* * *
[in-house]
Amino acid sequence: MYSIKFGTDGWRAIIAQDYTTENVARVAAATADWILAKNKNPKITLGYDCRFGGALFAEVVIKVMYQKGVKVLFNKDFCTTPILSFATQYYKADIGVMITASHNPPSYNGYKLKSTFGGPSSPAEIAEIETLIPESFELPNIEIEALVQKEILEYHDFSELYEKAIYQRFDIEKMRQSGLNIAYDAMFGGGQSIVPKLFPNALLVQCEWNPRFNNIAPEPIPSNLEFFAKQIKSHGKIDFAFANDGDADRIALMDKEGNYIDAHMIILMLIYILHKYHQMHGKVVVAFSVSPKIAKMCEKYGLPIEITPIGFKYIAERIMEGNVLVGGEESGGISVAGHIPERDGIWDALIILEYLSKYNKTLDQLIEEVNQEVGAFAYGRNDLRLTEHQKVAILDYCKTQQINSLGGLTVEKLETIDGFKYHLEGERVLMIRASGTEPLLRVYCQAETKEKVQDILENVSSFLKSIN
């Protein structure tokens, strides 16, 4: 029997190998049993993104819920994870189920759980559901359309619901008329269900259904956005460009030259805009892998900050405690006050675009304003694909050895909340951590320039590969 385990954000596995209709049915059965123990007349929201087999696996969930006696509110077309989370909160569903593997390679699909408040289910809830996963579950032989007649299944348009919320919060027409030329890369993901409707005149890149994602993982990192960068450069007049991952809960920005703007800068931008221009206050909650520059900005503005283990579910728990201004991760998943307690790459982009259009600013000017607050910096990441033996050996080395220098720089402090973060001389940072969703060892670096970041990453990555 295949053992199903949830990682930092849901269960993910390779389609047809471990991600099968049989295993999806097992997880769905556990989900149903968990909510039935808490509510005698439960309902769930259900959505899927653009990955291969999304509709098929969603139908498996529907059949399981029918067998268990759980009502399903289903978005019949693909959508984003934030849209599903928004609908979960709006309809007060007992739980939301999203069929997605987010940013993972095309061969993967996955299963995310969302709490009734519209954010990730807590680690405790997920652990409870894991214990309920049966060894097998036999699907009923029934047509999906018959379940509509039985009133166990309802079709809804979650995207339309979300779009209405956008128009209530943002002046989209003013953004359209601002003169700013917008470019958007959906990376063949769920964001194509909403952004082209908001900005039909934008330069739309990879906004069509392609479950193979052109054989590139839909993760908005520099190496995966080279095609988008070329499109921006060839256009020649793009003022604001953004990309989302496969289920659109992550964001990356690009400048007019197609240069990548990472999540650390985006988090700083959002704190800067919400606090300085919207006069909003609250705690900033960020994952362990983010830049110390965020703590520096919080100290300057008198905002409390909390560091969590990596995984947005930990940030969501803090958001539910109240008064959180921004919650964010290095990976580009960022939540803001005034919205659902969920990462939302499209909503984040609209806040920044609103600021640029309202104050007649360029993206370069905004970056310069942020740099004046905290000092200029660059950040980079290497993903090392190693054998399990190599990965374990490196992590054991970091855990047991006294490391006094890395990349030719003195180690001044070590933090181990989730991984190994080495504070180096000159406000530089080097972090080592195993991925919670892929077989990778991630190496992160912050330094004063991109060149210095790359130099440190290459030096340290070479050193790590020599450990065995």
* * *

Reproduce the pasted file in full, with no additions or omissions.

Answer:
[in-house]
Amino acid sequence: MYSIKFGTDGWRAIIAQDYTTENVARVAAATADWILAKNKNPKITLGYDCRFGGALFAEVVIKVMYQKGVKVLFNKDFCTTPILSFATQYYKADIGVMITASHNPPSYNGYKLKSTFGGPSSPAEIAEIETLIPESFELPNIEIEALVQKEILEYHDFSELYEKAIYQRFDIEKMRQSGLNIAYDAMFGGGQSIVPKLFPNALLVQCEWNPRFNNIAPEPIPSNLEFFAKQIKSHGKIDFAFANDGDADRIALMDKEGNYIDAHMIILMLIYILHKYHQMHGKVVVAFSVSPKIAKMCEKYGLPIEITPIGFKYIAERIMEGNVLVGGEESGGISVAGHIPERDGIWDALIILEYLSKYNKTLDQLIEEVNQEVGAFAYGRNDLRLTEHQKVAILDYCKTQQINSLGGLTVEKLETIDGFKYHLEGERVLMIRASGTEPLLRVYCQAETKEKVQDILENVSSFLKSIN
């Protein structure tokens, strides 16, 4: 029997190998049993993104819920994870189920759980559901359309619901008329269900259904956005460009030259805009892998900050405690006050675009304003694909050895909340951590320039590969 385990954000596995209709049915059965123990007349929201087999696996969930006696509110077309989370909160569903593997390679699909408040289910809830996963579950032989007649299944348009919320919060027409030329890369993901409707005149890149994602993982990192960068450069007049991952809960920005703007800068931008221009206050909650520059900005503005283990579910728990201004991760998943307690790459982009259009600013000017607050910096990441033996050996080395220098720089402090973060001389940072969703060892670096970041990453990555 295949053992199903949830990682930092849901269960993910390779389609047809471990991600099968049989295993999806097992997880769905556990989900149903968990909510039935808490509510005698439960309902769930259900959505899927653009990955291969999304509709098929969603139908498996529907059949399981029918067998268990759980009502399903289903978005019949693909959508984003934030849209599903928004609908979960709006309809007060007992739980939301999203069929997605987010940013993972095309061969993967996955299963995310969302709490009734519209954010990730807590680690405790997920652990409870894991214990309920049966060894097998036999699907009923029934047509999906018959379940509509039985009133166990309802079709809804979650995207339309979300779009209405956008128009209530943002002046989209003013953004359209601002003169700013917008470019958007959906990376063949769920964001194509909403952004082209908001900005039909934008330069739309990879906004069509392609479950193979052109054989590139839909993760908005520099190496995966080279095609988008070329499109921006060839256009020649793009003022604001953004990309989302496969289920659109992550964001990356690009400048007019197609240069990548990472999540650390985006988090700083959002704190800067919400606090300085919207006069909003609250705690900033960020994952362990983010830049110390965020703590520096919080100290300057008198905002409390909390560091969590990596995984947005930990940030969501803090958001539910109240008064959180921004919650964010290095990976580009960022939540803001005034919205659902969920990462939302499209909503984040609209806040920044609103600021640029309202104050007649360029993206370069905004970056310069942020740099004046905290000092200029660059950040980079290497993903090392190693054998399990190599990965374990490196992590054991970091855990047991006294490391006094890395990349030719003195180690001044070590933090181990989730991984190994080495504070180096000159406000530089080097972090080592195993991925919670892929077989990778991630190496992160912050330094004063991109060149210095790359130099440190290459030096340290070479050193790590020599450990065995």